I’ve been a bit under the weather the last couple of days. Partly that’s a result of the actual weather, i.e. rain rain rain (moaning and rending of clothes–it really is the end of summer). Partly it’s because of what I’ve been writing.
The seventh century was a brutal time, and this week I’ve been writing about war. To do that I had to Really Go There. And it’s vile. Just ugly. (A note of reassurance for potential readers: what I took three days writing will probably only take six minutes to read, so don’t worry about being overwhelmed by the chapter.)
I really hesitated about writing this stuff–but the whole of seventh century politics was built upon it. To show what it meant to live in those times meant I couldn’t find a way around it; I had to take my characters through it. I pondered spinning a lovely mist-drenched fantasy with a few gleaming edges, a splash of crimson, and heroic trumpet notes but decided against it. While I loved watching 300 and reading Lord of the Rings that’s not what war is. War with axes and swords and spears means brains hanging out, soldiers pissing in dead men’s mouths, and hogs rooting in the bellies of the screaming wounded–and nobody cares, because no one can afford to care.
It makes the real world feel pretty grim when I’m spending so much time in the mud.
But it makes for tonal variety in fiction. Novels, like life, should be full of highs and lows. And next week I’ll be happy as a lark. Next week I’ll be writing about the wonder of hearing plainchant (sort of) for the first time; I’ll write of the delight of seeing a long-lost friend; of the deliciousness of gold. And soon, oh very soon, Hild will be old enough to think about sex. Woo-hoo!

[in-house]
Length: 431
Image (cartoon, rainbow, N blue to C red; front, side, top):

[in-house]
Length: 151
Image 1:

7 thoughts on “writing highs and lows”
Yes, we have to have those highs and lows, but it’s more fun in the highs. Glad your past it.
I forget the exact wording (pretty sure it involves the word ‘man’, sigh) but there’s an aphorism that goes something like: people are vessels hollowed out by sadness in order to be filled with joy. And sadness–for example the whole mist-and-dripping-trees autumnal thing–can have its own poignancy, but the war writing wasn’t that kind of luscious melancholy, it was just nasty. Shouldn’t read that way, though. It should read like a quick punch over the heart, followed by nice stuff to distract you while you get your breath back.
War from a young girl’s eyes. I can’t imagine…>>And I think you do it, and your readers, justice by writing it the way it was and is.
If we don’t have the lows how can we appreciate the highs? I like that idea of hollowing out the vessel in order to be filled with joy. >>Autumn is my favorite time of year. We don’t get the rain you do out there and the air is dry and crisp. And cool. The cool is much better for me than hot. >>So you’re getting to the sex part, huh. :)>>duff
ssas, yes, war from the perspective of an anomalous 12-yr old girl. A war that, on some level, she feels responsible for.>>duff, first unconscious awareness of sex, then thinking about sex, then, woo hoo, actually doing it. I think this is the longest piece I’ve ever writing with lusting bodies. It’s been a strange experience.
Yech. Doing the war in The Gone-Away World was ghastly, and worse yet because getting it right meant going over it again and again. I dreamed The Iron Cross and Generation Kill for weeks. And because, as you say, we humans seem to do a lot of war and base a lot of things on it, the sequence came out longer than I had anticipated, as well.>>Sympathy.>>NH
nick, now I’m having to deal with a 12 yr-old’s perception of PTSD. Tuh. Gotta get to that sex soon…
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